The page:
Most nonprofits recognize the importance of, and need for, diversity on their board and staff. But they aren’t always sure how to achieve it. Cultural competency is at the heart of managing diversity. According to BusinessDictionary.com, Cultural Competency is defined as “a set of behaviors, policies, and attitudes which form a system or agency that allows cross-cultural
groups to effectively work professionally.”
Many people have a natural ability to work across boundaries and in different cultures. It is easy for them to listen, watch, read, and learn about other cultures and their norms. While I’ve had the opportunity to travel and experience different cultures, it wasn’t until I was fully immersed in a community in St. Lucia that I recognized how many questions I needed to ask to fully understand another person’s perspective. In fact, I’m still learning as I go.
Other people may not have an opportunity to travel or live in another country. They may also have to overcome personal biases and opinions that, through no fault of their own, have been ingrained for years. Addressing diversity is not simple. The term can trigger many strong reactions, and discussions about diversity can be uncomfortable. They bring up complex emotions and frequently, very differing opinions.
Why is diversity so important? A diversified board and staff will provide insights that will be beneficial. Organizations become stronger through a diverse combination of culture, race, ethnicity, age, and gender. Understanding the goals of your diversification policy and the changes they will bring to your culture is imperative.
How Should You Define Diversity?
Organizational diversity has different dimensions. Demographic characteristics are often based on ethnicity, age, gender, disability and location, but should also be based on the specific characteristics of your organization. Attaining diversity will be reflective of what your organization is trying to accomplish. Success requires being deliberate about what will best serve your organization. For example, organizations for differing causes, such as women’s rights, immigration, or religious groups may choose to stay mission-based and have a board that reflects their constituents. It would be a concern, for example, if an organization that primarily serves immigrants has no immigrants on its board.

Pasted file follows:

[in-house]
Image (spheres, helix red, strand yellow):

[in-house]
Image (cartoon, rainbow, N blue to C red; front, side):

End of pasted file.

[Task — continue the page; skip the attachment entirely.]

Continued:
Who will express their point of view?
How can organizations diversify successfully?
First, your board and staff members must have an open discussion about the current culture, what diversification means, and the business reason you want to move in this direction. Second, leadership must identify potential roadblocks, and what you can do as a group to manage them.
You can then formulate a strategy. If you are an all-female board or an all-white, middle-aged board, how will you reach out and find African-Americans, men, or women? How will “you be” at your next board or staff meeting if, for example, you have hired just one person from a new demographic? More importantly, how will they feel as a sole representative in your organization? What is the process your organization will adopt to address these questions?
I have spent time in a community in which I was the only white person. It was humbling to think that my African American friends must feel as isolated and alone as I did, but on a regular basis. It was a process for me to finally begin to feel comfortable which, thanks to my friends, I now do. It took a conscientiouseffort to want to learn, keep an open mind, and be mindful of my own internal